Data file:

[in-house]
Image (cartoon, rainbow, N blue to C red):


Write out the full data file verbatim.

[in-house]
Image (cartoon, rainbow, N blue to C red):